Here’s how Rex Tillerson’s exit could move oil prices
Oil futures took Rex Tillerson’s exit from the post of secretary of state in stride, but analysts are underlining how his replacement could take barrels off the market from Iran and Venezuela.
Crude initially rallied Tuesday after President Donald Trump fired the former ExxonMobil chief executive and announced he would nominate Central Intelligence Agency chief Mike Pompeo to take over as the nation’s top diplomat. But gains didn’t last in volatile conditions.
Oil CLJ8, +0.33% LCOK8, +0.29% regained some ground Wednesday, as investors looked past a rise in crude supplies to focus on a large drawdown in gasoline stocks. Oil has seen renewed pressure in recent weeks on concerns about booming U.S. shale output, while signs of disagreement have emerged within the Organization of the Petroleum Exporting Countries over how to respond to the shale boom.
See: OPEC unity splits over differing views on oil prices
Analysts said some of those supply worries could be offset if the Trump administration now takes a harder line on Iran’s nuclear deal or intensifies sanctions on Venezuela. Analysts at JBC Energy in Vienna argued that the potential impact of a more hard-line policy on Iran could be bullish over the long run, but in the near term could inspire Tehran to pump more aggressively.
“Renegotiating the current deal and potentially re-imposing certain sanctions might make for a more difficult investment environment that would limit the upside potential to Iranian production, but in the shorter term it might also weaken their resolve to stick to and support the OPEC/non-OPEC [output curbs] if shorter-term income maximization became more important again,” they said in a Wednesday note.
David Cheetham, market strategist at XTB, argued that re-imposing sanctions on Iran would have a bigger impact on oil prices than the voluntary curbs on output agreed by OPEC and non-OPEC producers, including Russia, and which have been extended through the end of 2018.
“OPEC’s self-imposed curbing of output pushed the oil price to its highest in three years as recently as January, but these reductions are far smaller in scale than the potential disruption that could lie ahead in Iran,” he wrote. “A strict set of sanctions could therefore prove pretty bullish for the oil price and push it firmly back above the $70-a-barrel level.”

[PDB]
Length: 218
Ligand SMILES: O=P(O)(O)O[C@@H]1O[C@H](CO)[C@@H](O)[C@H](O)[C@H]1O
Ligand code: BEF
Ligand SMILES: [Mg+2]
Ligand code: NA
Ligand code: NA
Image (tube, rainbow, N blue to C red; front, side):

Analysts at Societe Generale, in a Tuesday note that was published ahead of the Tillerson firing, said a refusal by the U.S. to extend a waiver of Iran oil-export sanctions by May 12 would lift crude prices by around $10 a barrel.
Renewed sanctions would probably cut Iranian crude exports by around 500,000 barrels a day rather than the full 1 million to 1.2 million barrels-a-day increase seen since sanctions were lifted in 2015. That’s because the European Union, which is keen to see the deal remain in force, is unlikely to reimpose its full embargo on crude imports from Iran, the analysts said.
Venezuela could also be in focus. Pompeo’s past remarks indicate he could be inclined to take a tougher approach toward President Nicolas Maduro, according to the Washington Post.
The SocGen analysts said oil-related sanctions on Venezuela could have a $2.50- to $5-a-barrel impact on crude prices.
They said actions previously under consideration included, from least to most severe: a U.S. embargo on crude and condensate exports to Venezuela, which the country needs to meet demand; sanctions against tanker insurance for Venezuela crude exports; and a U.S. embargo on crude imports from Venezuela.
They noted that crude imports from Venezuela have already dropped from 700,000 barrels a day in the first half of 2017 to around 400,000 barrels a day in recent months, which would lessen the immediate impact on U.S. Gulf Coast refiners and global markets.
“Crude prices would temporarily increase until trade flows re-adjusted. The U.S. would fill the gap by importing more sour crude from Canada or the Middle East, and Venezuela would export more sour crude to India, China and Russia,” but would have to discount its crude to offset the higher tanker costs for the longer shipping distances, they wrote.
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